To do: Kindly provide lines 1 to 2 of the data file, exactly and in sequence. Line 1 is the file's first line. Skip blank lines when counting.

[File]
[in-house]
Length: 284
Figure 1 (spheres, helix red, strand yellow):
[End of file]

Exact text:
[in-house]
Length: 284